Just under 4-foot-10, Megan depends on her 1,200-pound filly Beea in a sport where the fastest rider around three barrels in a cloverleaf pattern wins.

"The thrill of it all is awesome," Megan says.

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Architecture
4:25 am
Sat January 11, 2014

Historic House Is Yours Free, But There's A Catch

Architects at Paolasquare International are giving away this historic house in Arlington, Va. for free.
Sarah L. Voisin The Washington Post/Getty Images

Originally published on Sat January 11, 2014 11:53 am

This little house is looking for a home.

In the past five years, 600 single-family homes have been demolished in Arlington, Va., many to make way for larger houses, according to a preservation group. One architectural firm is so determined to save one 1920s Sears kit house from demolition, it's giving the house away for free. But there's a catch: the buyer would need to pay to move it to a new location.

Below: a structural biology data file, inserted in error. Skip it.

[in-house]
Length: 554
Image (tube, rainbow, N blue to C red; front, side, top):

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Around the Nation
3:27 pm
Mon January 6, 2014

Giving Up Info To Drive A Worthy Risk For Maryland's Undocumented

Maryland has just become one of several states that allow undocumented immigrants to apply for driver's licenses. Such licenses are issued as long as the immigrants show some form of legal ID — such as a passport — and they will have to take road exams. But critics worry about security risks, and costs to the state.

Law
3:41 pm
Mon December 23, 2013

An Unusual Call To Quash Ga. Judicial Nominees

Originally published on Mon December 23, 2013 4:56 pm

In an unusual move, a group of politicians and community leaders in Atlanta is urging President Obama to withdraw some candidates nominated to sit on the bench in the Northern District of Georgia. The group says the candidates aren't diverse and some are racially insensitive.